The beautiful rocky coast of the Costa Brava is perhaps one of the best known touristic regions in all of Spain, and it is definitely one of the gems of Catalonia. The region is well-known all over the world for its steep coastal areas, which offer superb vantage points over the waters of the sea, and it’s uncanny to realize that the Costa Brava has only been employed as a tourist destination for the no more than the past six decades, starting with the 1950s. That is when the Spanish Government first identified the region as being suitable for development, in order to be transformed into a resort—what followed thereafter quickly became the stuff of legends. Legions of tourists from all over the world (but especially from Northern Europe) started to pour in, and among them some remarkable literati, who forever changed our perception of the area. We will be exploring three of those literary bodies of work today.
The popular author and journalist was born and lived in Girona, and albeit traveling all over the world, from France to Germany and Russia, it’s safe to assume that he remained forever attached to his native region of Spain. Pla is controversial amid present-day Catalans, for his political affiliation, which included a connection with Franco’s regime, yet his three most popular books remain Guía de la Costa Brava (1941), Las ciudades del mar (1942), and Viaje en autobús (1942), all of them set in the landscape of Costa Brava. Nowadays, tourists can take guided tours around Costa Brava, which accurately recreate the itinerary in his works. One such tour starts out in Carrer Nou and leads all the way to Platja del Port Bo and back to Palafrugell.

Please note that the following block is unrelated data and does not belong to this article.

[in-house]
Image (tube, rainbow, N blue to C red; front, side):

The American writer best known for Breakfast at Tiffany’s, came to Costa Brava in 1952 to write In Cold Blood. Along with his partner, fellow writer Jack Dunphy, he stayed at the Hotel Trias in Palamos, after a four-day trip by ship from France to Costa Brava. Nowadays, there are villas for rent on www.whitebeachholidays.com, which will allow you to live in Palamos—and the area hasn’t changed much in beauty and spirit since the days of Capote, Dunphy and their murder mysteries. After that fateful summer in 1952, Capote often returned to Palamos, where he was mesmerized by the beauty of the savage landscape, and charmed by the presence of so many other fellow writers, who made the atmosphere propitious for creation, light-hearted and filled with merriment.
Federico Garcia Llorca
Llorca is one of the most famous literary figures of inter-war Spain, a prominent member of the so-called Generation of ’27. The writer found his demise at the hands of fascists, during the Spanish Civil War, but, prior to his death, he left an impressive body of work to posterity. Unlike Pla, Llorca did not write much about the Costa Brava per se, yet he did travel to the area and enjoyed working in the area. Alongside Picaaso, Marc Chagall, Man Ray, Luis Bunuel and Paul Eluard, Llorca is one of the foremost experimentalists and innovators to have worked there.
Guest Writer: Paul Groberts